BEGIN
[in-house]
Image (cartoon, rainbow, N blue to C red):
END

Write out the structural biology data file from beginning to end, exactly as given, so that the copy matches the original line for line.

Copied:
[in-house]
Image (cartoon, rainbow, N blue to C red):